The number of mosques in the United States has doubled in the past decade, according to a new study – and the number of Muslim clergy who say that America is hostile to Islam has declined over the same period. One of the perennial friction points for Muslims in America has been some Americans’ anxiety about the possibility of the implementation of Islamic law in U.S. courtrooms, resulting in the introduction of dozens of anti-Shari’a laws in state legislatures. But, as Dr. Robert P. Jones discusses in this week’s column for “Figuring Faith,” the tide seems to be changing for these bills as well.
In January, an appeals court threw out Oklahoma’s anti-Shari’a law, saying that it unconstitutionally discriminated against Islam. Now, more expansive bills banning the use of any law that originated outside the United States are moving in two dozen states, and members of other religious communities are getting anxious about the possibility that these laws might limit their religious freedom. Meanwhile, in the absence of high-profile news stories about Islam and Shari’a law, public opinion is shifting as well:
While these legal challenges evolved, Americans’ concerns about the threat that sharia law’s threat to the American legal system have fluctuated considerably, largely in response to public events that captured national attention. A year ago, when Rep. Peter King’s congressional hearings on alleged radicalization among American Muslims, 23 percent of Americans agreed that American Muslims want to establish sharia as the law of the land in the U.S. Nearly two-thirds (65 percent) disagreed, while 13 percent said they did not know. In September 2011, near the 10th anniversary of 9/11 and amidst debates around the Park 51 Community Center and Mosque in Manhattan, which opponents dubbed the “ground-zero mosque,” this number rose to nearly one-third (30 percent) of the general population. Over six-in-10 (61 percent) disagreed, while 8 percent said they did not know.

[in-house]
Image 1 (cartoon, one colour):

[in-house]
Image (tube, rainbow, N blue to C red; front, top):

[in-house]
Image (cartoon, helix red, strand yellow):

Over the few months, though, these issues have had a much lower media profile. And in the absence of prominent national stimuli, concerns about the threat of sharia have dropped by more than half since September. PRRI’s February 2012 Religion and Politics Tracking Survey showed only 14 percent of Americans agree that American Muslims want to establish sharia or Islamic law as law of the land. More than two-thirds (68 percent) disagree, and nearly 1-in-5 (17 percent) say they do not know.
To read the full post, head over to Dr. Robert P. Jones’ Washington Post blog, “Figuring Faith.”